As from the 1st of January 2021, trade between the United Kingdom (UK) and the European Union (EU) has changed drastically. The UK has officially left its transition period, and the free trade agreement has now come into effect. So what does this mean for SMEs and Europe? 

Brexit means that the UK will, in principle, no longer be abiding by EU regulations on product standards. At the same time, the EU has strict laws on certain products, especially animal products, meaning that some will no longer be able to be exported from the UK.  

All businesses importing into the EU or exporting from it, need an Economic Operator Registration and Identification number (EORI). Now the UK has left the EU, all trade between businesses in the two regions will require those businesses to have an EORI. Although the EORI requirement is not new for importers and exporters, the requirement to have one now affects many more businesses than before. The UK is composed of Great Britain (GB) and Northern Ireland (NI). The free trade agreement defines a special status for NI which means it is treated differently to GB. The NI EORI begins with the XI code and the GB EORI begins with the GB code. The rules associated with the XI EORI code reflect that NI remains inside the EU customs union and make it easier (but not frictionless) for NI businesses to trade with EU businesses. Therefore, trade in goods between the EU and GB, and between the EU and NI must both be accompanied by the relevant GB or XI EORIs.

VAT is now collected at point of sale rather than point of importation, leaving many businesses angry at the spike in costs that they will be facing, as well as the restrictions imposed on them to comply with UK Tax Authorities. 

What does this mean for Europeans who are looking to find a job in the UK?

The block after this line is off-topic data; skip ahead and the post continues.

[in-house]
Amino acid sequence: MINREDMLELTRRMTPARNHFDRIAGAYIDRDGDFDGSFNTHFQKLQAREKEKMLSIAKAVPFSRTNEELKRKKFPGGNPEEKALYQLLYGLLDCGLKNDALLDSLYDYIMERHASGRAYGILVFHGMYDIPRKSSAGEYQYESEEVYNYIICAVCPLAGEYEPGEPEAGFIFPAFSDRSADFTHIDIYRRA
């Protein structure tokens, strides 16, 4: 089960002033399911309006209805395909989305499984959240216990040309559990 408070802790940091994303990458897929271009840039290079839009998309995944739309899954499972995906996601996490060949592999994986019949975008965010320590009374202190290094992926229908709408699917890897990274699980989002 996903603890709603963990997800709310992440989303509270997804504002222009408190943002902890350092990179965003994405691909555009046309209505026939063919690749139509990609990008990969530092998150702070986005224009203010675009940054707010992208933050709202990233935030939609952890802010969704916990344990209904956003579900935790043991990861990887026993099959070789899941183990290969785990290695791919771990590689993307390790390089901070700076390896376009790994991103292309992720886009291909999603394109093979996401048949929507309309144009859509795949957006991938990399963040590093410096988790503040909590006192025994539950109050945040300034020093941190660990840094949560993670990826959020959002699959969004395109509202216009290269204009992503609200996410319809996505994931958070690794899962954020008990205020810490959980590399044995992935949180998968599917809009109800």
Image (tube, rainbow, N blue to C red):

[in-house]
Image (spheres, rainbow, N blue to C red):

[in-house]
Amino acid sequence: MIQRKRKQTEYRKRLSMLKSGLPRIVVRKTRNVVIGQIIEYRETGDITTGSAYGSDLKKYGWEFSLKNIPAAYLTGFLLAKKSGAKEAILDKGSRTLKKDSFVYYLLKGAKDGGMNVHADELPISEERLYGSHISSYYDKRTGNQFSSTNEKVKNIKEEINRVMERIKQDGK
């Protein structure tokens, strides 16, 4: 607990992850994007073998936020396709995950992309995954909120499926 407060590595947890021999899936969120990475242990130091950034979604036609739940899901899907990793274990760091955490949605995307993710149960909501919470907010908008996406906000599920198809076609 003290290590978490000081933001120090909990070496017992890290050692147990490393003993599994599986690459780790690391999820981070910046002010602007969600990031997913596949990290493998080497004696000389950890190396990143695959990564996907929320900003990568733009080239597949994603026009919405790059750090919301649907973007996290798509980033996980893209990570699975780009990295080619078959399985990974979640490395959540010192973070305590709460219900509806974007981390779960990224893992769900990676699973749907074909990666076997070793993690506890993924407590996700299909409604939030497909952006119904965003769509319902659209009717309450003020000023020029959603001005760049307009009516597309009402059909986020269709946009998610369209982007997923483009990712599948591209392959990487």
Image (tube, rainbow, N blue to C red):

In order to recruit employees from overseas, British companies will now need to register for a license to  sponsor them. The new recruits must meet job, salary, and language requirements. Therefore it is important for employees to check that all their paperwork is in order. They may need a job offer, visa, work permit, or other documentation if:

  • They are taking up employment
  • They are getting transferred to a UK Branch from a branch in another country
  • They are providing services in a self-employed manner 
  • They are being contracted to provide a service in another country where the employer is not present 

How does the free trade agreement help?

The Free Trade Agreement is a partnership on citizens’ security and overall governance framework. It clarifies preferred agreements on different types of trade in goods, which can be found on https://ec.europa.eu/trade/policy/in-focus/eu-uk-agreement/ during the upcoming weeks. 

How can we support SMEs?

We have summarised some of these new challenges above, the reality is much more complex. As a European Consultancy firm that specializes in technology and innovation, AcrossLimits strives to find solutions to problems that have long-term benefits. We help companies in understanding all the opportunities that Europe has to offer — whether it’s export, procurement, funding, tenders, projects, and more! To learn more, contact us on [email protected]


Kathleen Bulteel

Content Writer and Junior Project Executive at AcrossLimits

Categories: News